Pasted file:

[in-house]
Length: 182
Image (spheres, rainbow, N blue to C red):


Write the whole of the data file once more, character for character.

[in-house]
Length: 182
Image (spheres, rainbow, N blue to C red):